These are served while waiting for your entree. The pecan biscuits were especially good, but then again, I can’t see how pecans wouldn’t make anything better!
Can you believe this Vegetable Plate??
Most of the entrees are fairly meat heavy, and although I’m not a vegetarian, I really just don’t much like meat. When waitress suggested the Vegetable Plate, I asked her what was on it. Most places let you choose about 3 sides, so when she kept naming them off, I asked how many to choose. She said they were all on it.
Yellow squash, zucchini, sautéed onions, carrots, polenta, brown beans, green beans, portabello mushroom, tomatoes, spinach, corn, and asparagus. And I asked for a serving of grits (which were some of the best I’ve ever had). Don’t remember if I’ve left anything out. Of course, I couldn’t eat all of it, so I brought it home in the niftiest carryout setup I’ve ever seen and had 2 more meals from it later.
Joe had the chili rellenos and said they were good, but that he actually wished he’d ordered a Vegetable Plate, too.
Go here for the link to their Lunch Menu.
I have several other photos that were going to be included in this post, but I can’t get them to load and crunch. Maybe later.
Can’t make it to England for spring break?
If you’re in north Texas, do the next best thing: pay a visit to The British Emporium in Grapevine.
It’s owned by 2 English ladies,Sheela Kadam and Alexandra Evans.
This is Sheela and her son.
There are lots of British products, so it’s easy to miss something; if you don’t find what you’re looking for – just ask – they’re always friendly and helpful.
There’s quite a variety of U.K. foods, including frozen items.
Almost 20 years ago when I helped plan a cream tea for the ladies at our church, I bought clotted cream there. I don’t think I’ve ever even seen it on the shelf of any other grocery store on this side of the pond.
This is a fun place and a unique one. The other British shops I’ve seen weren’t nearly so nice or as comprehensive in their stock.
Loads and loads of gift items: everything from china tea pots, cups and saucers to English newspapers, British comedies on DVD, music CDs, greeting cards, playing cards (perhaps 15 different kinds), electric kettles and books.
As you can see it’s not a huge selection, but that’s okay because it’s a good one. And it’s not static. There are different ones each time I visit and sometimes it’s really difficult to choose just one. Or two.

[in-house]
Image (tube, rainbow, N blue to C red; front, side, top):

At Christmas you might find unique board games, such as Beatles Monopoly.
Last year I took some nice photographs before Easter but lost them when our hard drive crashed, but I think they’ll be decorating again for it soon.
During the various English celebrations (such as the royal wedding) the shop invites patrons to join them for planned events.
And that shelf above Sheela’s head? Containers of loose tea and hard candy. If you prefer something more personal than pre-packaged tea or candy, you can do it the old-fashioned way and have your selection weighed out and bagged for you.
Not going to be in the area? Then you can shop from their online store, here.
Some of my photos are a bit blurry, but you can go here for their tour of the store.
Then for a relaxing lunch after shopping, I recommend that you go 1 block south, then 1 block west to Beatitudes Tea Room.
Frankly, I never thought so until a couple of months ago. I thought that flour was flour. Although I didn’t really trust the store brands (except for Sam’s Club), I honestly thought that the type or brand didn’t matter. Usually, we just buy the 25 pound sacks of the Baker’s Secret (store brand) all-purpose flour at Sam’s and use it for everything from bread to cake to cookies, and the results are usually pretty tasty. But then I started thinking …
The first time I’d ever heard of King Arthur was when looking through one of those dreamy-wish-book-kitchen-catalogs. I don’t remember how much it cost, but it was pretty pricey. Then a few weeks ago, I saw their bread flour on the shelf at Wal-Mart for about $3.15, so I decided to try it.
Using the same recipe that we’ve used for years, suddenly the crust was really good. I mean really good. In fact, it was the best pizza I’ve ever made. And I used it for my Country White Loaf and it was noticeably better.
What I’m expecting is a really lovely cake.
Founded in 1790, King Arthur is America’s oldest bread company. In 1996, it became employee owned and is headquartered in New England.
So, to answer my own query: Yes. It does.